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Covert orienting in hearing was examined by presenting auditory spatial cues prior to an auditory target, requiring either a choice or detection response. Targets and cues appeared on the left or right of Ss' midline. Localization of the target in orthogonal directions (up vs. down or front vs. back, independent of target side) was faster when cue and target appeared on the same rather than opposite sides. This benefit was larger and more durable when the cue predicted target side. These effects cannot reflect criterion shifts, suggesting that covert orienting enhances auditory localization. Fine frequency discriminations also benefited from predictive spatial cues, although uninformative cues only affected spatial discriminations. No cuing effects were observed in a detection task.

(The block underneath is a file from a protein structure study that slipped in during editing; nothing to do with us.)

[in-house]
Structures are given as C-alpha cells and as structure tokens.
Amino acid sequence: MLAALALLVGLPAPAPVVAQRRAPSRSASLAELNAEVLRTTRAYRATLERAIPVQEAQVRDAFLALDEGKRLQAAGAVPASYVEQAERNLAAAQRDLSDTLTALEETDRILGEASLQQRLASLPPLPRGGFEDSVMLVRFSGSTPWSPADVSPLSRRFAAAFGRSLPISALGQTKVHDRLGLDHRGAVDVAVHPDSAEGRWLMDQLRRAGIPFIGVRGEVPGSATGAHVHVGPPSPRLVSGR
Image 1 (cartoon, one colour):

Original publication




Journal article


Journal of Experimental Psychology: Human Perception and Performance

Publication Date





555 - 574